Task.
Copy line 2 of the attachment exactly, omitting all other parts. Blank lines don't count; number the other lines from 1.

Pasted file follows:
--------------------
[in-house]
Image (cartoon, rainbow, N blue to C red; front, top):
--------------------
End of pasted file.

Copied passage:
Image (cartoon, rainbow, N blue to C red; front, top):